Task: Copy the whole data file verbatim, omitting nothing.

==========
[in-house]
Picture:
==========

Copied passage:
[in-house]
Picture: